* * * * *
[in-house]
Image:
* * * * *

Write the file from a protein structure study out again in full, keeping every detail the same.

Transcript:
[in-house]
Image: